Example: Mi’la’visko oseka “Xe’ki’va jilih. Mi’halen al!”
(3S-PST-say faked.friendly “1S-FUT-do this. 3S-be.importnat very!”)
S/he said with faked friendliness that s/he would do it and that it was very important [to him/her] interview

Wednesday, June 23rd, 2010

David Peterson & Sai Emrys interviewed by Andrei Serov of in English and Russian.

Note: David’s answers were originally in English, and Sai’s in Russian; the other language versions were translated by Andrei.

Conlang code v2

Friday, June 18th, 2010

I admit, I like to see what search terms people use to get to my site. And occasionally I use their serach terms in the search engine of my least distrust just to see what else it yields. What it did yield was this page: the conlang code. Now, let me try to create something like this for rejistanian:

CLCv2 18062010 R Rejistanian++ nat cpl++ cpx– !pin gin— chr++ clt+ lib++ mlf+ spw+ eas++ doc++ crp++ fin+++ fid— eff—- dns- clr nse+:+ fcc++ fam—- mod dct

cpx– due to things like ‘mjekir’ instead of the expected *xi’he.

!pin because I know that the language is rather Europeanesque especially in phonology, but I wanted to be able to speak it.

gin— because of some things I do to comparisons.

chr++ I go for a certain idea, even though I cannot express it well.

clt+ because the language is based on the rejistanian cultures.

lib++ because while there are strong liberal tendencies, Rejistanis are rather conservative by other metrics

About the mlf rating… I personally think that Quenya deserves an mlf- rating. It reminds me of hidden brutality behind a beautiful façade. It seems to me exaggerated beauty and thus deceptive. I don’t get these vibes from Rejistanian, though it has some harsh sounding elements. I know that any language which uses /x/ unashamedly probably should not hope to get a positive rating here, but I sung too many songs in the language to judge it to be ugly. It is poetic in its own deranged way.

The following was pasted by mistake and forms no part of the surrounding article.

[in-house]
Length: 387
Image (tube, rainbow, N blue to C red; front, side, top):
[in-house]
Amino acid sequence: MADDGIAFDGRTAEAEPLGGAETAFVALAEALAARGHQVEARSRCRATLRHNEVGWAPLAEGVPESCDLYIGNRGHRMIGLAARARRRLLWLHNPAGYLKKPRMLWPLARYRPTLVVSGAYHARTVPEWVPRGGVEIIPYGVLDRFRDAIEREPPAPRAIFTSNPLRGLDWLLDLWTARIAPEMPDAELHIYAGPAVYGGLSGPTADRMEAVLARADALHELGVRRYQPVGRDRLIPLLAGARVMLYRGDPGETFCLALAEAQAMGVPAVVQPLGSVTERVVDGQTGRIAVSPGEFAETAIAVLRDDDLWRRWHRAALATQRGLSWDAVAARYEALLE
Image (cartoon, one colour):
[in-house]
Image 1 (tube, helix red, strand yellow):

eas++ because its grammar is very easy. The vocabulary however is not.

doc++ because what I have, I put onto the github-page, or here.

About nse… well, I personally cannot understand anything if there is much noise in the background, my mother has to switch off the radio when calling me or it distracts me via the phone and god forbid the line is crappy. And that is just my L1. However, I suspect that rejistanian is a bit easier than German and English in this respect due to its smaller phonetic inventory. On the other hand, It is a bit like turkish where a letter makes quite a difference. Riva for ‘split’ and kiva for ‘patiently’ come to mind.

The issue for the fcc rating is what culturally is primitive. The idea of ‘ltimka* is something westerners will need much less than the Rejistanis, which means that they will have to use a sentence for the idea (“keeping up a façade despite everyone knowing that this is not what really is going on for reasons of social and cultural norms”). But in general, I tried to keep complex word long and compounded and reserve short words for more primitive things.

Anyone wants to disagree, agree or want me to look at their conlang? *glances at the people with NationStates referrers a bit longer than strictly necessary*

* the Lajik who came up with the idea that such clusters are pronouncable do so. Other rejistanis tend to pronounce the word as [El"timka:].

Happy Birthday to Me!

Saturday, May 22nd, 2010

This month, The Conlanging Librarian blog is one year old! In some ways, this is very surprising. I didn’t necessarily think it would keep going…but I’m glad to say it’s kept going on a fairly regular basis. (Insert cheering crowds here.) We’re still working on increasing the traffic to the blog and the Library. A year ago, the Library had 418 unique visitors to the Library who had 2,199 page views. As of today, 485 unique visitors with 2,744 page views. So, in a year, we’ve had 67 new visitors and 545 page views…not bad, but with the new LCS Twitter account (Fiat Lingua), we should see some more traffic as well. In any case, here’s to another year of postings. A elea ei!